However, sometimes a character is fascinating, but simply not “hero” material to my way of thinking.  For instance, in Wicked Company, Richard Sheridan of The School for Scandal and The Rivals fame was a contemporary of my composite heroine, Sophie McGann, a female character drawn from the biographies of several working women playwrights of the day.  However, Sheridan had a character flaw that I couldn’t stomach.  Yes, he was a compelling gent, not too bad looking as you see here, and of course, a prodigious talent , but in my research I concluded that he basically “borrowed”–with no credit–the famous Mrs. Malaprop character in The Rivals from one his own mother had originally created in a play that failed to pass the censor in the Lord Chamberlain’s office!  Interesting, yes.  A hero in my book, NO!

In the end, I created a fictional hero, Hunter Robertson, to go with my fictional heroine, but he, too, is noted for his lapses.  Most notable among them is a fair amount of emotional baggage carried over from his youth that prevents him, early in the novel, from seeing what is obvious to the reader:  that he and Sophie are destined for each other–a state of affairs he ultimately begins to comprehend when they both become involved in the theater in the beautiful spa city of Bath where, believe it or not, in the 18th c. there were co-ed bathing facilities! (Note the lady holding on to her hat in the upper right of the image).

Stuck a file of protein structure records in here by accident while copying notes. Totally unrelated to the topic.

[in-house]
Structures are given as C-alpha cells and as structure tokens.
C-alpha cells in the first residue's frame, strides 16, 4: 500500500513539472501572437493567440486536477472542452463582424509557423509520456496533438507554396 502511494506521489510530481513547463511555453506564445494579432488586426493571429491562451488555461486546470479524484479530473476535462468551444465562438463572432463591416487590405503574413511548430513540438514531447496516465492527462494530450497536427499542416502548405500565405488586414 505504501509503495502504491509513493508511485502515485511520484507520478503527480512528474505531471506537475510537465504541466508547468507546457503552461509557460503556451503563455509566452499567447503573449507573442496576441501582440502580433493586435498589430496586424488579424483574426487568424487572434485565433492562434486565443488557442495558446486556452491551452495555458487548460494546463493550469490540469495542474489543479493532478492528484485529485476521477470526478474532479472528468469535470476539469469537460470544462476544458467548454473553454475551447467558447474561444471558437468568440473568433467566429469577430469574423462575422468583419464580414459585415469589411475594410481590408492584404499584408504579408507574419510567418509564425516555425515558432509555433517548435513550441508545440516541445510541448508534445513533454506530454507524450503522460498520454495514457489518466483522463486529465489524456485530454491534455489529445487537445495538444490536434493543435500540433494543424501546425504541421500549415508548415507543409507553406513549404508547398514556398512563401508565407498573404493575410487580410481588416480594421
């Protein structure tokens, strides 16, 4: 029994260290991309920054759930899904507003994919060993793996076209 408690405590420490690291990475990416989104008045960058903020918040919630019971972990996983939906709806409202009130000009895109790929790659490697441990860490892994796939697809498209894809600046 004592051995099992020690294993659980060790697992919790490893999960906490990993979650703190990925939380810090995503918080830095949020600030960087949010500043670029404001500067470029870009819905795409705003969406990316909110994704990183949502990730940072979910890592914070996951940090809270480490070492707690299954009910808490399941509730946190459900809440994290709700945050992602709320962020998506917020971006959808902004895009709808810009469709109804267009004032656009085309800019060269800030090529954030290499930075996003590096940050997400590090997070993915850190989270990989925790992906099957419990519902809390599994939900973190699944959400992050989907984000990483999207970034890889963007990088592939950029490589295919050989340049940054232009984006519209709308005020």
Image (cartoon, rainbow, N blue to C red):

But to a writer, those flaws Hunter possessed were what kept the writing interesting for me, especially when they’re rooted in conflicts and tragedies going back to a period of his childhood he wanted to forget:  a time when his mother chose which of her children to give the meager supply of food during “the starving” in the Highlands of Scotland that came in the wake of the failure of Bonnie Prince Charlie to claim the thrones of England, Scotland and Wales.